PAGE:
There have been some interesting updates of late in the case of Adam Race, the autistic boy who was banned from the Bertha, Minnesota “Church of St. Joseph” by its pastor, Fr. Daniel Walz.
Adam’s mother, Carol, has been taking her family to another church for the past couple of weeks, but she hasn’t given up on Adam or on her desire to attend her local church. As reported by the Minneapolis Star-Tribune, Mrs. Race now has commitments from several parents with autistic children who are willing to drive up to several hours to bring their children to the church. Such a show of symbolic support is wonderful to see, and would that I could be there (along with my fiancee and her son, of course) to see Walz’ face on that Sunday morning.
Also, an earlier article in the same newspaper points out an interesting, ironic fact.
“In 2005, the Roman Catholic Diocese of St. Cloud presented Carol Race, Adam’s mother, with an award, recognizing her efforts to encourage families with disabled children to attend mass, she said. The award cited her “untiring efforts … to educate and advocate for others who have children with disruptive disabilities such as autism and seek to participate as a total family at Sunday mass.”
It’s interesting to note the sudden shift in the winds here. First she’s a hero for bringing her entire family, autistic boy included, to mass every Sunday. Now, two years later, her son is a pariah for the same reason. It’s also sad to note that the Diocese can’t even mention autism in an award without calling it a “disruptive disability.”
My earlier blog on this subject was definitely polarizing among those who commented. Most people seemed to come down on the side of the family, but there were a surprising number of apologists for what Daniel Walz has done. One, a fellow named Ben from Minnesota who says he attends Walz’ church, even called me and other commenters hypocrites. (Well, he said we were disrespecting Hippocrates, but I translated.) Ben apparently fears for my soul because I’m “messing with one of God’s employees.” If that’s the case, so be it. God’s personnel department needs work. I’m mainly glad to see that the issue is attracting attention. Attention is what autism has not been getting, and the most dangerous thing to a person with autism is ignorance.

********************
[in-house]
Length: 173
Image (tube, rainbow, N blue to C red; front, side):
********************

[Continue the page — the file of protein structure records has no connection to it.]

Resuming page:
One commenter objected to all the bad things that are being said (presumably by me, since my first post was fairly acidic) about Daniel Walz. I’m sorry if the things I’ve said offend, but what the man has done is inexcusable, and he’s making no move to correct that mistake. This adversely affects my view of him as a priest, a man, and a human. When I become that disdainful toward someone, I generally do not hold back; whatever else this blog may be, at its heart it is a vent.